My oh my, it’s been a strange week in the world. Going Concern blackout aside, Irene is hoping to rain on parades and summer cook-outs from the Carolinas to Boston; Libya is out of control; the Washington Monument has seen the US economy – errr Apple – lost its leader in Steve Jobs. His resignation sparked conversations across the globe, from Wall Street trading desks to Main Street to our little corner of the blogosphere here. At some point this week even my geeky-self thought things reached extreme Steve-Jobs-Oversaturation levels.
While perusing Lifehacker.com (see? geek) for Do-It-Yourself advice last night I was not able to avoid their mildly-inappropriate-titled-article about a commencement speech Jobs delivered to Stanford graduates. I would recommend the YouTube clip to anyone, both those of you who are green in your careers and those who are balancing work with family responsibilities. One of the more-HR friendly quotes to come from Jobs’ speech was the following:
Don’t settle. You’ve got to find what you love…your work is going to fill a large part of your life and the only way to be truly satisfied is do to great work. And the only way to do great work is to love what you do.
How many of us can say that what we do at work – sometimes 40 hours a week, sometimes 80 – do what we love? Not “like,” not “well, it’s okay.” I’m talking about jump-out-of-bed-in-the-morning-with-excitement kind of love. I can’t say it. I like what I do, and there are moments in my job that I love. But love this shit every day? No.
But I’m working on it. And so should you.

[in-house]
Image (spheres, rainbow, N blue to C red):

Assess your current situation. Can you leave your job tomorrow? Would you? Note – job responsibilities (i.e. deadlines) are not valid excuses. Every job has deadlines – if you hold on to just “Oh, but my manager will be upset if I leave now” you are looking out for your boss more than yourself. Suck it up and be selfish. It’s okay to be selfish.
For me, I can’t leave my job tomorrow. For where I want to be in five years, I need to stay where I am for a bit longer. So in my case (and probably in many of your cases), a change of employer is off the table. So what do we do? We change what we can control.
We can all improve our lives, and I’m not talking about the “eat more vegetables” kind of improvements. I’m talking about transitions in lifestyle that affect the mental and emotional capacity of your day-to-day. Become an active member in an interest group at work. Volunteer more. Research inter-office rotation opportunities. Bust your ass four days a week so you can leave at 5:00p every Wednesday to catch your child’s soccer game. I don’t know what you need – that is for you to figure it out. So sit down and figure it out.
If you pump more life into your days, just think of the possibilities. You’ll sleep better. You’ll be a better coworker/partner/friend/parent/friend. You’ll find satisfaction in your day-to-day that makes the rest of the craziness in the world seem more bearable.